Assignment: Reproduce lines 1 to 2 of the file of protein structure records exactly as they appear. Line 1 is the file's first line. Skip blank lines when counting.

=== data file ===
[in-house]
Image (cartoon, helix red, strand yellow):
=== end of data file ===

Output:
[in-house]
Image (cartoon, helix red, strand yellow):